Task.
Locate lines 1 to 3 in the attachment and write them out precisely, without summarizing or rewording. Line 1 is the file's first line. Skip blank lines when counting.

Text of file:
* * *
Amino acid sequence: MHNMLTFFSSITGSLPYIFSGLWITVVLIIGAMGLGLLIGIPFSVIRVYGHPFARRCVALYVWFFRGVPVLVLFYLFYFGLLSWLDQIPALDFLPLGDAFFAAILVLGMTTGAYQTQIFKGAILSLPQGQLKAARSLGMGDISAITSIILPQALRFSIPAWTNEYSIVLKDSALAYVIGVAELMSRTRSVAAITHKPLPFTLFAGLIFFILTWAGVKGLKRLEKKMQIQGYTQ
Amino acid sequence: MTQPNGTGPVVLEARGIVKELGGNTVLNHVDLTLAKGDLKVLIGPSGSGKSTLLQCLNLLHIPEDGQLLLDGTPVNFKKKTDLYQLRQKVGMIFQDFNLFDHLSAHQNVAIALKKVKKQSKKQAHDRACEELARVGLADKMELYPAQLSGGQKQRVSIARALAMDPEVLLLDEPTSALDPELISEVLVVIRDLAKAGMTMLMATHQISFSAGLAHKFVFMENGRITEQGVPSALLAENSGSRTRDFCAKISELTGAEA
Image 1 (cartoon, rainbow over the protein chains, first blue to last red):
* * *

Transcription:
Amino acid sequence: MHNMLTFFSSITGSLPYIFSGLWITVVLIIGAMGLGLLIGIPFSVIRVYGHPFARRCVALYVWFFRGVPVLVLFYLFYFGLLSWLDQIPALDFLPLGDAFFAAILVLGMTTGAYQTQIFKGAILSLPQGQLKAARSLGMGDISAITSIILPQALRFSIPAWTNEYSIVLKDSALAYVIGVAELMSRTRSVAAITHKPLPFTLFAGLIFFILTWAGVKGLKRLEKKMQIQGYTQ
Amino acid sequence: MTQPNGTGPVVLEARGIVKELGGNTVLNHVDLTLAKGDLKVLIGPSGSGKSTLLQCLNLLHIPEDGQLLLDGTPVNFKKKTDLYQLRQKVGMIFQDFNLFDHLSAHQNVAIALKKVKKQSKKQAHDRACEELARVGLADKMELYPAQLSGGQKQRVSIARALAMDPEVLLLDEPTSALDPELISEVLVVIRDLAKAGMTMLMATHQISFSAGLAHKFVFMENGRITEQGVPSALLAENSGSRTRDFCAKISELTGAEA
Image 1 (cartoon, rainbow over the protein chains, first blue to last red):